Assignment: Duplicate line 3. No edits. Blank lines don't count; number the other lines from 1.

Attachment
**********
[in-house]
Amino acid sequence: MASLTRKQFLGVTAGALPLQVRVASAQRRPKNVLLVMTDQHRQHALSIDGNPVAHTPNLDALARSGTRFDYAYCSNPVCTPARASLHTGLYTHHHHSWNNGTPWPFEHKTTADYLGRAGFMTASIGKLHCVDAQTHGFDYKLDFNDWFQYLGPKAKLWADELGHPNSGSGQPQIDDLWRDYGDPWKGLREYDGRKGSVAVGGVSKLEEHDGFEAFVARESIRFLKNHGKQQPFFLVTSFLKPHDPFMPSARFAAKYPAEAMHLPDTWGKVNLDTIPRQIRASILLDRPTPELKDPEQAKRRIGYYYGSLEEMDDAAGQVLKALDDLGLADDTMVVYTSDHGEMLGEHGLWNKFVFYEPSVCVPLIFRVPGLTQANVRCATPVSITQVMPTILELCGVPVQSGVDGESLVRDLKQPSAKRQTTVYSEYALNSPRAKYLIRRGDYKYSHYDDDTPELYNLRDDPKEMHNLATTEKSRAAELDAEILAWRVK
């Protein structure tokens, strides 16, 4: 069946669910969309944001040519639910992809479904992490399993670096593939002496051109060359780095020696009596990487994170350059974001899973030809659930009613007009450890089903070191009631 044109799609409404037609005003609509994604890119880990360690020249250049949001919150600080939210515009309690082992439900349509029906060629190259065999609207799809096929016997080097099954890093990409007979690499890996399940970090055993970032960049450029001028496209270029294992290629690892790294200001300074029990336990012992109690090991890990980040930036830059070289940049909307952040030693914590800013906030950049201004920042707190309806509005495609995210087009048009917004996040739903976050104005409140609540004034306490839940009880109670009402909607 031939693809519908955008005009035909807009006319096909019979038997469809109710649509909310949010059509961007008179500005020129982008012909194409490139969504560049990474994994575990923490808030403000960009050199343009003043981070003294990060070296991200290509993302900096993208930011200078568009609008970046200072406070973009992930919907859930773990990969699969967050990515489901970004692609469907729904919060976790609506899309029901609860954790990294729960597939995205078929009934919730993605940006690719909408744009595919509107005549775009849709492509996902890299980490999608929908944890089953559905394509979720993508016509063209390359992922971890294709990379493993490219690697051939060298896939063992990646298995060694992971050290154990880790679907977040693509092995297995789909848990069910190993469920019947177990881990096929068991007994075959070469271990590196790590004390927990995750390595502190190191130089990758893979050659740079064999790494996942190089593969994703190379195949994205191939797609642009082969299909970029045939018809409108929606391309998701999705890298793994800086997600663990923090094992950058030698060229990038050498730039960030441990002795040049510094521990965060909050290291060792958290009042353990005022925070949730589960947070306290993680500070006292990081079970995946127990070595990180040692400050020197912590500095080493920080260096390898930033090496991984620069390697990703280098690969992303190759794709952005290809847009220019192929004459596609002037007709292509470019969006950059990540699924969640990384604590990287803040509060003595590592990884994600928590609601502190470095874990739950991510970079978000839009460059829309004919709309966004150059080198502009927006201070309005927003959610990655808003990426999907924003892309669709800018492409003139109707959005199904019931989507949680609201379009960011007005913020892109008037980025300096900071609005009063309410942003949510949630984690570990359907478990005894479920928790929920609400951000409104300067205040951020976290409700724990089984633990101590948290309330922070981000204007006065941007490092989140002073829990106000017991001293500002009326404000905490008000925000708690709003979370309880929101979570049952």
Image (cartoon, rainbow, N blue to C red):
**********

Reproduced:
């Protein structure tokens, strides 16, 4: 069946669910969309944001040519639910992809479904992490399993670096593939002496051109060359780095020696009596990487994170350059974001899973030809659930009613007009450890089903070191009631 044109799609409404037609005003609509994604890119880990360690020249250049949001919150600080939210515009309690082992439900349509029906060629190259065999609207799809096929016997080097099954890093990409007979690499890996399940970090055993970032960049450029001028496209270029294992290629690892790294200001300074029990336990012992109690090991890990980040930036830059070289940049909307952040030693914590800013906030950049201004920042707190309806509005495609995210087009048009917004996040739903976050104005409140609540004034306490839940009880109670009402909607 031939693809519908955008005009035909807009006319096909019979038997469809109710649509909310949010059509961007008179500005020129982008012909194409490139969504560049990474994994575990923490808030403000960009050199343009003043981070003294990060070296991200290509993302900096993208930011200078568009609008970046200072406070973009992930919907859930773990990969699969967050990515489901970004692609469907729904919060976790609506899309029901609860954790990294729960597939995205078929009934919730993605940006690719909408744009595919509107005549775009849709492509996902890299980490999608929908944890089953559905394509979720993508016509063209390359992922971890294709990379493993490219690697051939060298896939063992990646298995060694992971050290154990880790679907977040693509092995297995789909848990069910190993469920019947177990881990096929068991007994075959070469271990590196790590004390927990995750390595502190190191130089990758893979050659740079064999790494996942190089593969994703190379195949994205191939797609642009082969299909970029045939018809409108929606391309998701999705890298793994800086997600663990923090094992950058030698060229990038050498730039960030441990002795040049510094521990965060909050290291060792958290009042353990005022925070949730589960947070306290993680500070006292990081079970995946127990070595990180040692400050020197912590500095080493920080260096390898930033090496991984620069390697990703280098690969992303190759794709952005290809847009220019192929004459596609002037007709292509470019969006950059990540699924969640990384604590990287803040509060003595590592990884994600928590609601502190470095874990739950991510970079978000839009460059829309004919709309966004150059080198502009927006201070309005927003959610990655808003990426999907924003892309669709800018492409003139109707959005199904019931989507949680609201379009960011007005913020892109008037980025300096900071609005009063309410942003949510949630984690570990359907478990005894479920928790929920609400951000409104300067205040951020976290409700724990089984633990101590948290309330922070981000204007006065941007490092989140002073829990106000017991001293500002009326404000905490008000925000708690709003979370309880929101979570049952």